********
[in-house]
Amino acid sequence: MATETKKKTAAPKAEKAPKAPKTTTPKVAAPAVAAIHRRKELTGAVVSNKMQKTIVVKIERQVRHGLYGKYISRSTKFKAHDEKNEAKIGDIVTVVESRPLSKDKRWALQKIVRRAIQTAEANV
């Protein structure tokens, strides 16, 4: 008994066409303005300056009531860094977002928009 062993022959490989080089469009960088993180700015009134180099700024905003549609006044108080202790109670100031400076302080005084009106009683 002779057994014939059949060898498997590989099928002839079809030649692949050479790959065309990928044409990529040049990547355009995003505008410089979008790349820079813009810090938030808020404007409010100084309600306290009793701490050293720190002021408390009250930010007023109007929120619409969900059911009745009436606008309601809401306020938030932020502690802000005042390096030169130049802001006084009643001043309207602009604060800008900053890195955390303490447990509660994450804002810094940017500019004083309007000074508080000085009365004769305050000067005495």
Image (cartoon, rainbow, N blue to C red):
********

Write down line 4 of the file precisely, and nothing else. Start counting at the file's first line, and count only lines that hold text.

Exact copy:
Image (cartoon, rainbow, N blue to C red):